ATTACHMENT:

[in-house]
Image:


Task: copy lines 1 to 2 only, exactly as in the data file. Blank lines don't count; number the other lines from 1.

[in-house]
Image: